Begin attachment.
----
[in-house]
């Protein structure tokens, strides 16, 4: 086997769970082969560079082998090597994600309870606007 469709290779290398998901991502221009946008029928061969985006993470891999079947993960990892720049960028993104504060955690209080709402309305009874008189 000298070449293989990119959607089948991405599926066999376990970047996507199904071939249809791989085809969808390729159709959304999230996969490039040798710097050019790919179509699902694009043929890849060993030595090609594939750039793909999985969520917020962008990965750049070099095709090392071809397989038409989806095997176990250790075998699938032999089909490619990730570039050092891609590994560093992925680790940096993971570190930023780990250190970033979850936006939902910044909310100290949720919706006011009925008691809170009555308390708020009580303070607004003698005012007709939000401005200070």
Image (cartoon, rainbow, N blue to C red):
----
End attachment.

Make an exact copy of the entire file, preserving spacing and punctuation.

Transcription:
[in-house]
């Protein structure tokens, strides 16, 4: 086997769970082969560079082998090597994600309870606007 469709290779290398998901991502221009946008029928061969985006993470891999079947993960990892720049960028993104504060955690209080709402309305009874008189 000298070449293989990119959607089948991405599926066999376990970047996507199904071939249809791989085809969808390729159709959304999230996969490039040798710097050019790919179509699902694009043929890849060993030595090609594939750039793909999985969520917020962008990965750049070099095709090392071809397989038409989806095997176990250790075998699938032999089909490619990730570039050092891609590994560093992925680790940096993971570190930023780990250190970033979850936006939902910044909310100290949720919706006011009925008691809170009555308390708020009580303070607004003698005012007709939000401005200070």
Image (cartoon, rainbow, N blue to C red):